Will they come after me for unpaid alimony in a different state?
Yes, the court can come after you for unpaid alimony in a different state. When you fail to pay alimony in one state and then move to another state, the individual state laws and your behavior will determine how the first state reacts. You should seek the advice of an experienced attorney about the consequences of failing to pay alimony. Call the toll free number above to speak with one today.
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UPDATED: Jul 15, 2021
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When you fail to pay alimony in one state and then move to another state, your behavior will determine how the first state treats the matter. States vary on their rules regarding alimony. You should seek the advice of an experienced divorce, family law, or civil attorney regarding the consequences of failing to pay alimony.
If the first state sees you as delinquent in your payments, and in civil contempt of court, that state typically has the ability to fine you and issue a warrant for your arrest.
If you have a driver’s license for the first state, that state may have the potential to suspend or revoke your driver’s license. If you have changed your driver’s license to the second state, the first state may communicate your failure to pay alimony to the second state.
The second state can then choose if it wants to suspend or revoke your driver’s license. Even if your divorce or family court case remains in dispute, it is a crime to drive on a suspended or revoked license. You can end up in jail on a criminal charge in the second state based on what happened in the first state.
It helps if you understand non-payment of alimony as an act that is separate from your divorce or family court case. When a judge or magistrate in divorce or family court rules that you must pay alimony, they have issued you an order. You must pay or you are in indirect civil contempt of court. In some states, you may be regarded as being in criminal contempt of court. It depends on the state’s statutes. Not paying alimony is the equivalent of saying to the divorce or family court judge, “I do not have to listen to you.”
In order to avoid penalties such as fines, incarceration, and the possible loss of your driver’s license, you need to stay in the good graces of your divorce or family court judge. The divorce or family court judge is the party who would institute a contempt case against you. Usually, a second judge will hear your contempt case.
If you have circumstances which do not allow you to pay alimony, such as extreme financial difficulties, make a formal showing of that to the divorce or family court. Provide paperwork, such as your credit report and your pay slips. Use formal written statements to explain why you are not making enough to pay alimony.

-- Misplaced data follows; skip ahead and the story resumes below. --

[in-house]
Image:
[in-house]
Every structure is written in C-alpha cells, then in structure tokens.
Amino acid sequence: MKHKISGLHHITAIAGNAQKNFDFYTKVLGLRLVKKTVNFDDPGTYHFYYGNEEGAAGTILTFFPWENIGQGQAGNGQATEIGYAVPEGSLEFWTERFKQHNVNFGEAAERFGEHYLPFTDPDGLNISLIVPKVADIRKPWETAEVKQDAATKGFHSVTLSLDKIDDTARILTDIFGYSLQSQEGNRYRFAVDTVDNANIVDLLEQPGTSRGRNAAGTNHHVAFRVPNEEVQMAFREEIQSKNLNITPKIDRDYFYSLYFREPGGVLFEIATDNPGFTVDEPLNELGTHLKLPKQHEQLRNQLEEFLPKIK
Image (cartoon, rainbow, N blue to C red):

If your judgment in the divorce or family court case can be modified, ask for a hearing to modify your alimony payment. Prepare for your hearing by gathering documents to show the facts which reveal why your former spouse does not need the amount you were ordered to pay. Avoid displaying an attitude in court that makes your failure to pay seem intentional or malicious. Be efficient, organized, and courteous. Give the impression that you want the court to understand your side of the story.
Many people believe that if they don’t do X, Y will happen. Contempt of court cases do not work like this. The outcome of a contempt of court case depends in large part upon the personality and thought process of the judge. The judge has the discretion to vary the amount of the fine and the period of incarceration. The judge can also simply issue a warning. The maximum amount of the fine and the maximum period of incarceration are defined by state statutes.
Do not let a low maximum fine and a short maximum period of incarceration lead you to believe that these will be all you can face. If you continue on a course of disobeying the divorce or family court judge, the contempt judge can choose to regard each occurrence of non-payment or untimely payment as a separate act of contempt. Theoretically, you could spend years in jail and face multiple fines for not paying alimony. With this situation, you would also have a record of contempt cases.
One of the other penalties for incurring a contempt case is the court fees for the contempt case. If you lose a contempt case, you have to pay the court for its time. A judge has a right to issue a warrant for your arrest when you fail to pay court fees. If you fail to come to court for a contempt case, the judge is also likely to issue a warrant for your arrest. The reason is that you have now showed two judges disrespect: the first judge by your failure to pay, and the second judge by your failure to come to court.
When you ask, “Will one state come after me for unpaid alimony in another state?” this is a very case-specific question. If you have a criminal record, or a history of indirect civil contempt of court cases, it is more likely that the first state will issue a warrant for your arrest at some point. It is unlikely the second state would do anything in response to the first state issuing a warrant. The typical strategy of the first state is to wait for you to return to it. After you have come back to the first state, the first state will take you into custody.
States typically do not use their resources to find people in other states who are not paying alimony and have incurred indirect civil contempt of court charges. That is not to say they cannot and will not do so. In order to avoid such situations, work on keeping the matters related to divorce or family court in that court. Do not avoid your obligations by hiding. Work with an experienced attorney to resolve any disputes. Then you will appear to be handling your case well. The divorce or family court is likely not to find you in contempt.